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Some Basic Knowledge About Dust Mite Allergy

In the United States alone, at least 10% of the overall population have dust mite allergy or have experienced a dust mite allergy attack.

Dust mite allergy is caused by dust mites. Dust mites are tiny little insects that belong to genus Dermatophagoides, which are in the same family as spiders -- Arachnida in the kingdom Insecta.

Yes, dust mites are insects, and therefore, are living organisms that can be killed and eliminated. But, although they are living creatures, dust mites are surprisingly so small and so tiny that you can not barely see them with just your naked eye.

The insect known as dust mite

Dust mites are oval-shaped, eight-legged insects equipped with sticky pads on their feet that help them burrow deep into furniture and carpet fibers. Dust mites, when observed under powerful magnifying lenses will appear in a creamy color.

These insects thrive by feeding on small bits of finger nails, pollen, human shed skin, bacteria, fungi and animal dander.

Dust mites favor hot and humid environments because they absorb air moisture. Humidity between 70% to 80% coupled with optimum temperatures of about 75 degrees to 80 degrees Fahrenheit is the prefect environment setting for dust mites. Such climate will help dust mites consume their food well.

Dust mite allergy

Because dust mite is not parasitic in nature, is considered not a serious threat to humans. It does not suck blood, nor even bite.

However, dust mites become problems when they try to enter human bodies’ systems unintentionally along with dusts.

Because of their tiny structures and light weight, dust mites tend to fly around the room and go along with dusts when inhaled by humans. This makes dust mites dangerous.

Inhaling dust mites will cause an allergic reaction, which is commonly and appropriately termed dust mite allergy. Dust mite allergy takes the form of simple dust allergies, except that dusts are inhalant, are non living allergens, but dust mites are living creatures.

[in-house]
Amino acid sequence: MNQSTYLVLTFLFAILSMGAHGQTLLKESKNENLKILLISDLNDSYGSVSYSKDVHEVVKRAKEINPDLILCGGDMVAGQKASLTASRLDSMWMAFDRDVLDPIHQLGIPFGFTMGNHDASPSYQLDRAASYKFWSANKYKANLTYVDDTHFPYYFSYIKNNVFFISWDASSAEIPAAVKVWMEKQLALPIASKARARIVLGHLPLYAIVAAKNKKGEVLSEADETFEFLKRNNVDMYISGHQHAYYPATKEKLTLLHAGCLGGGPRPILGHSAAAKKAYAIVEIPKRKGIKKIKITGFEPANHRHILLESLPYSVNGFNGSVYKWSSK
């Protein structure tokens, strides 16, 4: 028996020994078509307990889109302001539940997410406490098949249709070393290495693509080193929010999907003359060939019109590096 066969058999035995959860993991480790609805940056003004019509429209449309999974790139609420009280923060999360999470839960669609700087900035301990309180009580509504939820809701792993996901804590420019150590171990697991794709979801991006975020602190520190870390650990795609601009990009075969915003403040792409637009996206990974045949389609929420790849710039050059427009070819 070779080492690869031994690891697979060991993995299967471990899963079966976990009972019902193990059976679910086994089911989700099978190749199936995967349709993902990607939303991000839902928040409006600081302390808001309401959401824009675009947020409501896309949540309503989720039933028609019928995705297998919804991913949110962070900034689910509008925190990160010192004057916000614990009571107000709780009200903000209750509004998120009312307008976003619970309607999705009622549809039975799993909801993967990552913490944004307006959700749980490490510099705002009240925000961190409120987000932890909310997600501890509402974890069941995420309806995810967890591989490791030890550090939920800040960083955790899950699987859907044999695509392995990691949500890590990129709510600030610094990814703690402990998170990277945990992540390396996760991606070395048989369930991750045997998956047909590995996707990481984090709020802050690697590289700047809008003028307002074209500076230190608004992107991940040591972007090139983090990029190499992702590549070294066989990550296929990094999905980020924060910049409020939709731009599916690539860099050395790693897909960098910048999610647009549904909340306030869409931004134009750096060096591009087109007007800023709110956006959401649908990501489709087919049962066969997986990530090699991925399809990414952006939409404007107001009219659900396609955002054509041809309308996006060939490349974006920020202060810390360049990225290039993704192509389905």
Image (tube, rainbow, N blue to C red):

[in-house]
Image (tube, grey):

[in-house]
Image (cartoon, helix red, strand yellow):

Symptoms may be exactly similar to a dust allergy attack. The victim experiences uneasiness in breathing, coughs occasionally and sometimes suffer from sore and itchy throat.

Treatment of dust mite allergy

The best treatment to dust mite allergy is to cut or eliminate exposure to such insects. If that does not bring along immediate results, then allergy shots and medications available in drug stores can be taken in.

For dust mite allergy, like in most allergies, the most basic medication or drug administered is antihistamine. Antihistamines contain enzymes that help curtail allergic body reactions to allergens.

However, the efficiency of antihistamines in treating dust mite allergy will not be assured unless exposure to dust mite is significantly cut down or totally eradicated.

Preventing occurrences of dust mite allergies

The best way to prevent dust mite allergies from occurring is through maintaining cleanliness in the surroundings, especially home and bedroom, where dust mites normally thrive.

Remember that vacuum cleaners can only suck dead dust mites, but the living ones will always find the way to resist and escape them.

Thus, another option to keep your house dust mite free is by installing air conditioners and air dehumidifier. Dust mites love hot and humid surroundings, and reducing heat and humidity inside home will surely knock them off.

Note: This article may be freely reproduced as long as the AUTHOR'S resource box at the bottom of this article is included and and all links must be Active/Linkable with no syntax changes.

Charlene J. Nuble 2006.

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